Poetry Explorer- Classic Contemporary Poetry: Explained, THE SECRETARY; WRITTEN AT THE HAGUE, 1696, by MATTHEW PRIOR



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Classic and Contemporary Poetry: Explained

THE SECRETARY; WRITTEN AT THE HAGUE, 1696, by                 Poet's Biography

"The Secretary; Written at The Hague, 1696" is a poem by Matthew Prior that was published in his collection of poems, "Poems on Several Occasions" in 1709. 

The poem takes the form of a conversation between the speaker and a secretary who is tasked with writing letters for his master. The speaker attempts to persuade the secretary to use his position to help those in need and to be a force for good in the world.

The poem is written in rhyming couplets (AA BB CC, etc.), which contributes to its musicality and sense of formality. The use of formal language, rhetorical questions, and metaphor also contribute to the poem's persuasive tone.

The central theme of the poem is the responsibility of those in power to use their influence for good. The speaker implores the secretary to use his position to help those in need and to use his power and influence for the greater good. The poem critiques the political and social norms of the time, suggesting that those in power should use their position to help the less fortunate rather than solely pursuing their own interests.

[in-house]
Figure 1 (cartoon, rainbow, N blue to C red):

The poem also explores the themes of morality and ethics. The speaker argues that the secretary has a moral duty to use his position for good and that it is not enough to simply fulfill his duties without considering the impact of his actions.

In terms of poetic elements, the poem makes use of rhetorical devices such as repetition, parallelism, and rhetorical questions to enhance its persuasive tone. The use of metaphor, particularly in the comparison of the secretary to a pen, highlights the power and influence that the secretary possesses.

In conclusion, "The Secretary; Written at The Hague, 1696" is a poem by Matthew Prior that critiques the political and social norms of the time, exploring themes of responsibility, morality, and ethics. The use of poetic devices such as rhyme, metaphor, and rhetorical questions enhance the poem's persuasive tone, making it a powerful critique of those in power and a call to use one's influence for the greater good.


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